September 30, 2004  ·  Lessig

A group of good sorts have put together a PAC to frame and push IP-related policies. Here’s the site with the list of candidates they’re supporting. Cool if they could find some marginal sorts who have been totally obtuse about these issues to target as well.

  • http://markearnest.net Mark Earnest

    What I find interesting about this is that it cuts across party boundries. Some of the most abusive legislation for the concept of fair use and pro fair use legislation comes from both sides of the isles. You really cannot look at this issue and say “damn (democrats|republicans)”.

    This iPac is a great idea and has my support.

  • Joseph Pietro Riolo

    Sorry to say but iPac does not deserve our support.

    First, note the word “ideas” in the first principle.
    The present U.S. copyright law does not grant copyright
    on any ideas, no matter how big or little they are.
    Therefore, the ideas are always in the public domain.
    The first principle of iPac is in fact against the
    public domain. (The word “creators” is a myth but that
    does not bother me as much as “ideas”.)

    Second, the purpose behind copyright is not to compensate
    the authors and artists. The purpose is to increase
    the domain and dissemination of the knowledge (science
    means knowledge). iPac’s first and second principles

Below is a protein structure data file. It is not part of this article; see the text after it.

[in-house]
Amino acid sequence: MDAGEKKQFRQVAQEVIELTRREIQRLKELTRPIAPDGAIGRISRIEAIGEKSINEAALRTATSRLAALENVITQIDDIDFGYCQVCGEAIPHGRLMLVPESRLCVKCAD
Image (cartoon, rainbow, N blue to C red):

are in conflict. If a law is judged that it prompts
    the knowledge but does not fairly compensate authors
    and artists, does that mean that the law is not good?
    On the other side, if a law is judged that it fairly
    compensate authors and artists but does not prompt
    knowledge, does that mean that the law is not good?
    The bottom line is that the first and second principles
    are not in harmony.

    Third principle – I have no strong opinion on it.

    It seems that iPac does not know where its priority is.
    If the public domain is the top priority, iPac should
    carefully word principles to show that the public domain
    is the overriding goal. If the authors and artists should be
    compensated, iPac should change the wording in the
    principles to show that the public domain is less
    important than the authors and artists’ compensation.

    How should common people show their support? Vote with
    money. If you don’t support RIAA, don’t buy their
    products or don’t spend too much money on their products.
    If you don’t support MPAA, don’t buy their products or
    don’t spend too much money on their products. And so on.

    Joseph Pietro Riolo
    <riolo@voicenet.com>

    Public domain notice: I put all of my expressions
    in this comment in the public domain.